1Set up the Raspberry Pi
2Electrical Connection of Sensores and Actuators
4Heating Control


5 Ventilation Control

To couple the ventilation (Thermos200, Paul-Lüfutng) to my heating control has two motivations: On first hand I"d like to log and monitor the air temperatures, secondly it might be a good idea to synchronize the periods of maximal ventilation to times the oven is ignited and loading the storage tank.

  1. approach: Replace the control panel
  2. approach: Build you power supply and control

1. Replace the control panel

Since the requested Temperatures are provided to the control panel and of course this is used to set the ventilation mode, I thought it should be the easy way to take over this communication - instead of mounting my own temperature sensors and figure out how to operate the blowers.
To do so I connected the RX and TX wire to my RaspberryPi.

While I tried to understand the communication to the control panel, I figured out that the ventilation control and the panel need continuous communication to keep alive. Therefore I wrote a C program to listen to the ventilation and always reply the expected message. If you enable the debug it will depict the messages which are transmitted via the bus.

If this program is started as background task
./thermos200.x&
the ventilation is keept a life.

The Thermos control panel consists only of 5 buttons to operate the system. For each button press one of the standard 133 messages has to exchanged by the button command.
Afterwards the first 138 messages contain the relevant display content to be interpreted.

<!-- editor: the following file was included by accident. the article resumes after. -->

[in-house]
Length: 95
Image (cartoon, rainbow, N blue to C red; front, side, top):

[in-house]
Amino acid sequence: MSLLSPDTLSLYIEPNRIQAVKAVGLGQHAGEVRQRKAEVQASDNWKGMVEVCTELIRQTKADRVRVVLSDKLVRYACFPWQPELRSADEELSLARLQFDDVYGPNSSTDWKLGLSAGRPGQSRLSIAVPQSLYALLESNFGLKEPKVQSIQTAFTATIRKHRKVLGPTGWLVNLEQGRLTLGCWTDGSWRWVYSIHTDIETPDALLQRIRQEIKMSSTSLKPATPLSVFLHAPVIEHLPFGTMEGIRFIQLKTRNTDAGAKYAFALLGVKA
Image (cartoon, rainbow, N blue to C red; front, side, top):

To exchange these pieces of information between thermos200.c and HV_thermos200.php I use named pipes "FIFO". To get them working without blocking, operating with the necessary rights of program and pipes was a bit of trial and error, but if you follow my example you should be fine.

This way I am able to mimik the control panel, send one button press after the other and display the replied content.
Or to do some data logging I can initiate the sequence to read the temperatures cyclically.

 

2. Build you power supply and control

By all the experience I got, I"d say, this is the much easier approach.
  • The ventilators of the Thermos 200 are from ebmpapst type R3GD220-AD11-02. They are directly connected to 230 V; the control PIN may be set either by PWM, or 0 -- 10 V potential (the current at 10 V is of the order of 0.1 mA).
  • The DC motor of the bypass is from Bosch type 0132801141, 24 V, 0.3 W. It comes with a build in potentiometer that has a resistance of 5 kOhm, when bypass is open the left resistancy is 3.25 kOhm, the right 1.74 kOhm.
  • The build in thermoresistors show values of 13 kOhm at 19 °C.

In other articles I explain, how to control the ventilation by PWM and how to operate the bypass by bridge driver.

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